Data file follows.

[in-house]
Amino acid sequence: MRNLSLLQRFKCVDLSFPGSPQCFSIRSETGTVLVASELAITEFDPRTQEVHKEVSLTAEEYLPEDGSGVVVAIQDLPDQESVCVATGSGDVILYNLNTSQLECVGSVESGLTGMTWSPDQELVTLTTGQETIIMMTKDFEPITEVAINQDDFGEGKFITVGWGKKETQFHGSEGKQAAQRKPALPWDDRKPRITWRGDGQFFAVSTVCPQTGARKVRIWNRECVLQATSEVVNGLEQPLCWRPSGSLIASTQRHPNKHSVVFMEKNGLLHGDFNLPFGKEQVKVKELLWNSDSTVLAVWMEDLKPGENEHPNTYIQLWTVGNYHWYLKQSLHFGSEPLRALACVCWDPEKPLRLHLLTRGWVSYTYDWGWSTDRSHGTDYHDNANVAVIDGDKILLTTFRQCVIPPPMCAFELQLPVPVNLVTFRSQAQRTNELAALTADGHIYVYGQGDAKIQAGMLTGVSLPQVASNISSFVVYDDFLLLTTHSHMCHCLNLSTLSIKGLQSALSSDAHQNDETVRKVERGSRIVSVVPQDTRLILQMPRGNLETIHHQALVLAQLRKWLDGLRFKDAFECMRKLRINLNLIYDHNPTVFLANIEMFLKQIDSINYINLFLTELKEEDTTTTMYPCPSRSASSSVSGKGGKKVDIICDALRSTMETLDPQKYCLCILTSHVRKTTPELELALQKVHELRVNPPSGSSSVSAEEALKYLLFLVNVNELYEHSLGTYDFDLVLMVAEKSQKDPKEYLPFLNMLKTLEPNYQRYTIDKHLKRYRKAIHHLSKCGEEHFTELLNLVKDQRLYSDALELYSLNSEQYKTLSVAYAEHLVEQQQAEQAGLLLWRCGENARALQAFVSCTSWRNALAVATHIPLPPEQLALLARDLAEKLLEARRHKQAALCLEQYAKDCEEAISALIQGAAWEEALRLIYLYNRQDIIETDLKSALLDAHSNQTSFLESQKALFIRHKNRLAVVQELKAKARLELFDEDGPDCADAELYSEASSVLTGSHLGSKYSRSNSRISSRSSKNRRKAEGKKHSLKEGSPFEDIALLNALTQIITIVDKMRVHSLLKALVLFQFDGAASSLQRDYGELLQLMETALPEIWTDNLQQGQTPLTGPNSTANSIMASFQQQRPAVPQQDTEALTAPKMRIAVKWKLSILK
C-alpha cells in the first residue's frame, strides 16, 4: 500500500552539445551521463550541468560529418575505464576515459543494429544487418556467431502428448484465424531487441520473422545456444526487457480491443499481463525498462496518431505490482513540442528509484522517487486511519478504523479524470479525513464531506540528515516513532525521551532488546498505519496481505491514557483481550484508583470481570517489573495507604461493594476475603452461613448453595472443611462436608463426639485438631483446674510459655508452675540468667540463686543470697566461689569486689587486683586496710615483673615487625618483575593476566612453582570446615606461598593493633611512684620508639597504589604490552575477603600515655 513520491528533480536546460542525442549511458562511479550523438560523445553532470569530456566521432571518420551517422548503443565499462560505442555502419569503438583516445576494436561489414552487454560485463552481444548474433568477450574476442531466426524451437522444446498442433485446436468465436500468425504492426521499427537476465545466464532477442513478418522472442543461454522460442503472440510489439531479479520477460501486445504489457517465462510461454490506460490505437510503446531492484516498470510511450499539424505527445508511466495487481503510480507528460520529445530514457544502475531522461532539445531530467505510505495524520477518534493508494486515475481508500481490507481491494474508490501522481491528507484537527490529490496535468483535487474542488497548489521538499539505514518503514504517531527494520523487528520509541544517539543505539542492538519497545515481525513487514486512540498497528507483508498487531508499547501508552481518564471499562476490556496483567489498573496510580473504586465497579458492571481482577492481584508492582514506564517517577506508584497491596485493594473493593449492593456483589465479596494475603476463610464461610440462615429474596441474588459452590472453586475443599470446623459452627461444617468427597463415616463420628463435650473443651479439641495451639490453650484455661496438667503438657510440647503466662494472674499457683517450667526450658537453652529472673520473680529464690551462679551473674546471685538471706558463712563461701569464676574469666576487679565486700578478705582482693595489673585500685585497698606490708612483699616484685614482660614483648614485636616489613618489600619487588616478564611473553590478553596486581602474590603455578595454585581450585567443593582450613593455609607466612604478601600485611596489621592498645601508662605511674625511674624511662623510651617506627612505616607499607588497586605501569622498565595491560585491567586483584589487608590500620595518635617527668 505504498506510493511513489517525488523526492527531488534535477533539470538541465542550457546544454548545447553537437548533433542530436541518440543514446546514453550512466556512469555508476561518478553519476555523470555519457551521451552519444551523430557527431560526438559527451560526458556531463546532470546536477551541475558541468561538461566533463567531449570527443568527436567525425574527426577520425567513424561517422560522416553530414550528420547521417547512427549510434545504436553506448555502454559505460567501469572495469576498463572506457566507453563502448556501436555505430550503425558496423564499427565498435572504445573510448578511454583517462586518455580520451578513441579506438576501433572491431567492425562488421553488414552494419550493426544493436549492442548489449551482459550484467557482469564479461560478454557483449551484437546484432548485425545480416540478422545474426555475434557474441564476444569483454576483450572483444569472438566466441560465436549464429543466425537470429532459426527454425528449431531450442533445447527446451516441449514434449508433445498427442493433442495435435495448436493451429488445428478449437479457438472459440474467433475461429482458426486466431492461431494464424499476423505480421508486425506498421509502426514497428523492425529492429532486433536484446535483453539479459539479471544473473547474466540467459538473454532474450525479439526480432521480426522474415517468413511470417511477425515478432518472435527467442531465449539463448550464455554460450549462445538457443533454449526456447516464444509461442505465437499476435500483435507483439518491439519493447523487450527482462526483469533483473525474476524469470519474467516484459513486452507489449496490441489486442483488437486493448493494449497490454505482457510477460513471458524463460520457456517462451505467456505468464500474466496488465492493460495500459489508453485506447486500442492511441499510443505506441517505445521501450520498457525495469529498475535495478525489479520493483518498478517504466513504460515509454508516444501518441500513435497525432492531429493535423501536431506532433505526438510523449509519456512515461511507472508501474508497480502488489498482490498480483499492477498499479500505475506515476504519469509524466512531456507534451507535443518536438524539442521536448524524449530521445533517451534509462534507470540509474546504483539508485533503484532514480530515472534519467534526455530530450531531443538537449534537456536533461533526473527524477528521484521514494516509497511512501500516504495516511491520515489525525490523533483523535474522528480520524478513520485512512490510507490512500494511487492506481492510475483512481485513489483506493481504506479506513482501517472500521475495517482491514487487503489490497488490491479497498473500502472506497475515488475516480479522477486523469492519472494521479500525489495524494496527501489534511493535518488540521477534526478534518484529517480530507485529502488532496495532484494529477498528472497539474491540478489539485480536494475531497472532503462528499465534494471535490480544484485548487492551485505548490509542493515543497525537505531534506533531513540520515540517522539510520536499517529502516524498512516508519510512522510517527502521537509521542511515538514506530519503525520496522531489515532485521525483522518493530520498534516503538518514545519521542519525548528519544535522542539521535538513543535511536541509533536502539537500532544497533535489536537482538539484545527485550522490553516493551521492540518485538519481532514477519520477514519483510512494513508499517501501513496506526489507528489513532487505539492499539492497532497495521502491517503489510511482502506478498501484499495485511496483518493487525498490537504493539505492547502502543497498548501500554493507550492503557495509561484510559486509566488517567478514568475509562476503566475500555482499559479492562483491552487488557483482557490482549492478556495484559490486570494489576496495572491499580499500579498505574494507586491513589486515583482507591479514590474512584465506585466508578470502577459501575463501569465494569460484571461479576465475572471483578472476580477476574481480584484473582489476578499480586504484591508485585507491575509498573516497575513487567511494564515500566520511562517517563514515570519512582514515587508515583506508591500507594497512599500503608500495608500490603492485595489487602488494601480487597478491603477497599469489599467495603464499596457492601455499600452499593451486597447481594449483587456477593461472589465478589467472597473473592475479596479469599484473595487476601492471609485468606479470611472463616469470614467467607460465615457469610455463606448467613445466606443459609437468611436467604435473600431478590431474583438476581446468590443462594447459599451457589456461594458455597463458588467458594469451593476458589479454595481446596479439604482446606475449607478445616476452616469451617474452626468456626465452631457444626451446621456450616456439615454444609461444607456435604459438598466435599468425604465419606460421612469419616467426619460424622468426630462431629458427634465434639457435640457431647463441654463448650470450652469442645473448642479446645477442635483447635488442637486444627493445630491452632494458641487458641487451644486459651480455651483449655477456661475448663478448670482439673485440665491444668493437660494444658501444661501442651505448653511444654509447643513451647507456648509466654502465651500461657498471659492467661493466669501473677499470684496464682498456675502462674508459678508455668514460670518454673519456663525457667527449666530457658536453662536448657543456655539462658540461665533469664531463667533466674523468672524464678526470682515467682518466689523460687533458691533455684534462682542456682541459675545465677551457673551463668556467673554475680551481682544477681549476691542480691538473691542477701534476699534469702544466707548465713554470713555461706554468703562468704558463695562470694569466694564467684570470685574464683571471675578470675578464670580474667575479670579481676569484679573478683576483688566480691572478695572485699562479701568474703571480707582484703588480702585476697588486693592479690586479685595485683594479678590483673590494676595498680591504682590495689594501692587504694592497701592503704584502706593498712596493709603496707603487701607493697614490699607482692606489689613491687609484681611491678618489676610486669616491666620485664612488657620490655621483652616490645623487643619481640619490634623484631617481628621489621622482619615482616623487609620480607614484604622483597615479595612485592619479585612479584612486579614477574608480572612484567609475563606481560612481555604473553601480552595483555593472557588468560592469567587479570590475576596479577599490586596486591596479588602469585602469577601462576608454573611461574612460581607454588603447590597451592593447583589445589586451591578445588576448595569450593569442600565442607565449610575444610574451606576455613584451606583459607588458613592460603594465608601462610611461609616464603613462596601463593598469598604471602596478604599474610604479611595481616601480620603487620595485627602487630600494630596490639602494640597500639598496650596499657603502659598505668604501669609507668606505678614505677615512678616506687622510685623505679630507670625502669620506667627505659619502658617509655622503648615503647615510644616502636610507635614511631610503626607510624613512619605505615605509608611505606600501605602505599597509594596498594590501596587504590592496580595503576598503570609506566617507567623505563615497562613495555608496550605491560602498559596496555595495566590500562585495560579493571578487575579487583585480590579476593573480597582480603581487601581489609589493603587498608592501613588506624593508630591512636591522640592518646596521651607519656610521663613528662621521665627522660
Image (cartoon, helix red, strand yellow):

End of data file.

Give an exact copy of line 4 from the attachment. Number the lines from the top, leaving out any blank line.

Image (cartoon, helix red, strand yellow):